fundamental mode (LP01)
core Electric fieldintensity
Intensity plots for the first six LP modes
Plot of the propagation constant b as a function of V for various LP modes
V = (2a/) (n12 n22)1/2 = (u2 + w2)1/2
b = (2 k22)/(k12 k22)(see p.37)
The total number of guided modes M for a step-index fiber isapproximately related to the V number (for V > 20) as follows,
M V2 / 2
e.g. A multimode step-index fiber with a core diameter of 80 m anda relative index difference of 1.5 % is operating at a wavelength of 0.85 m. If the core refractive index is 1.48, estimate (a) the normalizedfrequency for the fiber; (b) the number of guided modes.
(a) V = (2/) a n1 (2)1/2 = 75.8
(b) M V2 / 2 = 2873 (i.e. nearly 3000 guided modes!)
The cutoff wavelength for any mode is defined as the maximum wavelength at which that mode propagates. It is the value of that corresponds to Vc for the mode concerns. For each LP mode, the two parameters are related
c(lm) = (2a/(Vc(lm)) (n12 n22)1/2
The range of wavelengths over which mode lm will propagate is thus 0 < < c(lm).
For a fiber to operate single mode, the operating wavelength must be longer than the cutoff wavelength for the LP11 mode. This is an important specification for a single-mode fiber, and is usually given the designation c. We find c by setting Vc = 2.405. The range of wavelengths for singlemode operation is > c.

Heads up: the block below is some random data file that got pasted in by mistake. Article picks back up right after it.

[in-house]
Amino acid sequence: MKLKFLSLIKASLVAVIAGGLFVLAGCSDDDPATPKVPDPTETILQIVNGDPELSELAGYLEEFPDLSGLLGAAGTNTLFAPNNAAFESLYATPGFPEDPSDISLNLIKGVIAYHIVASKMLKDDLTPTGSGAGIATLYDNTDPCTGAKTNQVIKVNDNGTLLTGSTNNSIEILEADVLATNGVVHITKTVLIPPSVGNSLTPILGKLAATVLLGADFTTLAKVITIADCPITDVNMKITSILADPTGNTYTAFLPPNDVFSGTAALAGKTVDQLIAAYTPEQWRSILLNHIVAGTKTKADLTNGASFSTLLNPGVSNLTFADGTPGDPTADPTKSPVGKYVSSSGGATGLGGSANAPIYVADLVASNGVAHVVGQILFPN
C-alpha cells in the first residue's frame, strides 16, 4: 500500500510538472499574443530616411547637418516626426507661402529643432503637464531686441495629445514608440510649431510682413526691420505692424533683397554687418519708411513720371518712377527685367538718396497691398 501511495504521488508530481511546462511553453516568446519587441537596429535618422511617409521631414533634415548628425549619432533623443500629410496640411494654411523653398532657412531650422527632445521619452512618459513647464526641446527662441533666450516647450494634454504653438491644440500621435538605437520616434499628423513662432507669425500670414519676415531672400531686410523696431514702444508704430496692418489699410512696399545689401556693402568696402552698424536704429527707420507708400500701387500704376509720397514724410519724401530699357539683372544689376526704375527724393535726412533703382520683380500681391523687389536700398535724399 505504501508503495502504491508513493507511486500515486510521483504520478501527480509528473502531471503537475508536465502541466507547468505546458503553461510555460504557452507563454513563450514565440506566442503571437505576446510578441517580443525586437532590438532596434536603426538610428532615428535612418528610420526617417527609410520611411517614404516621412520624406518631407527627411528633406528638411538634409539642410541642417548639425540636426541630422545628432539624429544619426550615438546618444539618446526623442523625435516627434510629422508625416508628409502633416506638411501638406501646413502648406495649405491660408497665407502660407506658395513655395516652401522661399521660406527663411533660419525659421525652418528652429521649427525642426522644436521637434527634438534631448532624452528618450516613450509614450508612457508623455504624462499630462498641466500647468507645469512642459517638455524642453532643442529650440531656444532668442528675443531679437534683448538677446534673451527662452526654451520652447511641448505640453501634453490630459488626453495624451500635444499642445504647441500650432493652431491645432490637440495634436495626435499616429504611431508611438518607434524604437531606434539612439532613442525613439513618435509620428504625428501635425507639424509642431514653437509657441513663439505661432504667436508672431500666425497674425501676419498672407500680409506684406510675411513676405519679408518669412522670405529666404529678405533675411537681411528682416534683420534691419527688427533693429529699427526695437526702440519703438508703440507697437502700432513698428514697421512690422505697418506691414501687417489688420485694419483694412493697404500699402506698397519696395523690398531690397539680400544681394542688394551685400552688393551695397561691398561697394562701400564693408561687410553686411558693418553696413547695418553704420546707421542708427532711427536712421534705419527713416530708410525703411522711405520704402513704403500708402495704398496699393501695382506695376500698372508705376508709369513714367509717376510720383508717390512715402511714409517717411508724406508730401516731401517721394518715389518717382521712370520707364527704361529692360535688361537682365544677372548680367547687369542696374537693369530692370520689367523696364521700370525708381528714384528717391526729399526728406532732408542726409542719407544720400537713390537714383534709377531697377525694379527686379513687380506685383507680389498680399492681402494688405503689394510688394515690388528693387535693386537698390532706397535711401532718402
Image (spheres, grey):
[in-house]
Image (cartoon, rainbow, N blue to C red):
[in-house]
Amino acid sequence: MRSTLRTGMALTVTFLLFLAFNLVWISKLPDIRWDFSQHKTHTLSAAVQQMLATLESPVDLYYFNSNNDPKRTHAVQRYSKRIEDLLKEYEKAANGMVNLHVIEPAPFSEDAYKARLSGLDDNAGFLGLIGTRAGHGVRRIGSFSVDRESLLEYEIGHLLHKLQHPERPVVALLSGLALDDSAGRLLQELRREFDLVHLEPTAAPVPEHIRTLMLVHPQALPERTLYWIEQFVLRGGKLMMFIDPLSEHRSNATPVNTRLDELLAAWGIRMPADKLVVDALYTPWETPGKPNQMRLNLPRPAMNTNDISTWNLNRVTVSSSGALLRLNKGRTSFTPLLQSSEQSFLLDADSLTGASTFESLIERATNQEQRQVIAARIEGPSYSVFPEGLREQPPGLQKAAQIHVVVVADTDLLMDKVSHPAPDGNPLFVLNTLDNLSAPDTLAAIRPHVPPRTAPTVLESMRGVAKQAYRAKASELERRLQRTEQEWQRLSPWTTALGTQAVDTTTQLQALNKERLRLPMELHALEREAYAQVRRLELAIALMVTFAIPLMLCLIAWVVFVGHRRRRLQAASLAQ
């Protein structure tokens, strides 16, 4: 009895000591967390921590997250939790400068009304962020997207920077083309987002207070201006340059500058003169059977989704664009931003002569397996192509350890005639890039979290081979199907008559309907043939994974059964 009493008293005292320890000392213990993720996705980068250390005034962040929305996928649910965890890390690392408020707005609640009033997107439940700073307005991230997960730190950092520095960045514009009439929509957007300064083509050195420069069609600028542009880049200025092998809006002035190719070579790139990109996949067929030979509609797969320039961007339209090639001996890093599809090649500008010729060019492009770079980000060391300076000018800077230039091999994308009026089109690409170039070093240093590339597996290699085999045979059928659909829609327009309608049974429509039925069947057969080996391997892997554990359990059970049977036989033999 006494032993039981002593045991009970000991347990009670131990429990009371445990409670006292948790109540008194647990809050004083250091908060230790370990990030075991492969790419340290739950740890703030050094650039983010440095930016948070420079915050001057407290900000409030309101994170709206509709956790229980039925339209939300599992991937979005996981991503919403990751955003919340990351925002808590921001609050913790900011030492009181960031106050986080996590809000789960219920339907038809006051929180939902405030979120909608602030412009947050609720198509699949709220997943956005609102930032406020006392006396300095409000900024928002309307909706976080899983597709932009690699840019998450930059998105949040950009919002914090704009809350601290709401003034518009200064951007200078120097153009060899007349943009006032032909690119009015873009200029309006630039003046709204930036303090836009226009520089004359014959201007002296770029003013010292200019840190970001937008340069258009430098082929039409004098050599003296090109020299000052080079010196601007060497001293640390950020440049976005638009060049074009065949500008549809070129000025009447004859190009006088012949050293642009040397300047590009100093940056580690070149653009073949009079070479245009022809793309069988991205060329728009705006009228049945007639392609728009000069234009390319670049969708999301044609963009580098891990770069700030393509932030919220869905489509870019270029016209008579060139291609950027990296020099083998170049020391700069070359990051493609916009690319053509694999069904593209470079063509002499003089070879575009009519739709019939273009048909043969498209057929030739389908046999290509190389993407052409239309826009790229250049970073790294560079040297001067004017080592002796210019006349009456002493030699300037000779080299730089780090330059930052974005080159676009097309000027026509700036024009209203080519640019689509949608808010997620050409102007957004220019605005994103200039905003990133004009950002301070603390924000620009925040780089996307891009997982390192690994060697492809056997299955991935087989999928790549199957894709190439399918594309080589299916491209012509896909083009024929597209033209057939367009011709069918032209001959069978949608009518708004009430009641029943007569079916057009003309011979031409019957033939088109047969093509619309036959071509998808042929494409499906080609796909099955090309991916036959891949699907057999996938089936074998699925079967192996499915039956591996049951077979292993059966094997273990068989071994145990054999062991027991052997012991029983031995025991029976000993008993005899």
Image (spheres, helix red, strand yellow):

For single-mode operation, only the fundamental LP01 mode exists.
The cutoff normalized frequency (Vc) for the next higher order (LP11)mode in step-index fibers occurs at Vc = 2.405.
=> single-mode propagation of the LP01 mode in step-index fibers:
V < 2.405
e.g. Determine the cutoff wavelength for a step-index fiber to exhibitsingle-mode operation when the core refractive index is 1.46 and the core radius is 4.5 m, with the relative index difference of 0.25 %.
c = (2an1/2.405) (2)1/2 = 1214 nm.
Hence, the fiber is single-mode for > 1214 nm.
Gaussian approximation for the LP01 mode field
The LP01 mode intensity varies with radius as J02(ur/a) inside the core and as K02(wr/a) in the cladding. The resultant intensity profile turns out to closely fits a Gaussian function having a width w0, known as the mode-field radius.
This is defined as the radial distance from the core center to the 1/e2 point of the Gaussian intensity profile.
A similar Gaussian approximation can be applied to the fundamental symmetric slab waveguide mode.
E(r) = E(0) exp (-r2 / w02)
I(r) = I(0) exp(-2r2/w02)=>